• Timeline: A year plan should include a timeline for when each unit will be taught throughout the year. The timeline should take into account any holidays or breaks, as well as any other events or activities that may impact the teaching schedule. Resources: A year plan should include a list of resources that will be used throughout the year, such as textbooks, workbooks, and other instructional materials.
A unit plan

A unit plan is a detailed outline of what will be taught in a specific unit of instruction. It typically includes information on the learning objectives, the topics and skills that will be covered, the instructional strategies and activities that will be used, and the assessment methods that will be used to measure student learning.

A teacher period plan is a detailed schedule of what will be taught in a specific class period or lesson. It typically includes information on the learning objectives, the topics and skills that will be covered, the instructional strategies and activities that will be used, and the assessment methods that will be used to measure student learning.

Teaching Learning Materials

TLM stands for Teaching Learning Materials. TLM refers to the various materials and resources that teachers use to facilitate and enhance the learning process for students. TLM can include a wide range of materials, including textbooks, videos, audio recordings, charts, diagrams, simulations, models, manipulatives, and other resources.

TLM is an essential component of effective teaching as it helps to make the learning process more engaging and interactive for students. It enables teachers to present information in a variety of ways, catering to the different learning styles and needs of students.

TLM also helps to reinforce concepts, clarify ideas, and enhance retention and comprehension of the subject matter. Designing, analyzing, and reviewing of teaching learning materials are essential components of effective teaching.


Assessment refers to the process of evaluating and measuring learning outcomes or progress towards specific educational goals. Assessment can take various forms and can be used for different purposes. Here are the four main types of assessment:

  • Formative assessment: Formative assessment is an ongoing, informal process of gathering feedback on student learning during the learning process. This type of assessment is used to provide students with immediate feedback on their progress towards learning objectives, allowing for adjustments to teaching strategies to better support student learning.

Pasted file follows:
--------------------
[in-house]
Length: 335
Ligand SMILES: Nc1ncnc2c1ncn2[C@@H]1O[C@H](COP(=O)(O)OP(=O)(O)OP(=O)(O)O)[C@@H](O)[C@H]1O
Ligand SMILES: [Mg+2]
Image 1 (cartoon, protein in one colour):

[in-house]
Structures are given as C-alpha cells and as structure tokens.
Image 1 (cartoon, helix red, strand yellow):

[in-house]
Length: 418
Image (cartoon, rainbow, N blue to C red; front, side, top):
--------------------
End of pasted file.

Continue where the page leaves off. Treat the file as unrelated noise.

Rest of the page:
• Summative assessment: Summative assessment is a formal evaluation of learning at the end of a period of instruction or course. This type of assessment is used to measure student achievement and determine whether they have met the learning objectives or standards for a particular course or program.
  • Diagnostic assessment: Diagnostic assessment is used to determine students’ prior knowledge and understanding of a particular subject or concept. This type of assessment is used to identify areas where students may need additional support or instruction to meet the learning objectives.
  • Ipsative assessment: Ipsative assessment is a type of self-assessment where students compare their current performance to their past performance. This type of assessment is used to help students track their progress and set goals for improvement.
Assessment tools

Assessment tools refer to the various methods or instruments used to gather information on student learning and progress towards specific learning objectives. Here are some common tools of assessment:

  • 1) Tests and exams: Tests and exams are one of the most common assessment tools used to evaluate student learning. They can be used for both formative and summative assessments and may include multiple-choice, short answer, or essay questions. Portfolios: A portfolio is a collection of a student’s work that demonstrates their learning progress over time. This can include written assignments, projects, and other evidence of their learning.
  • 2) Observation: Observation involves watching and recording student behavior and performance in real-time. This can be used to assess skills such as communication, collaboration, and problem-solving.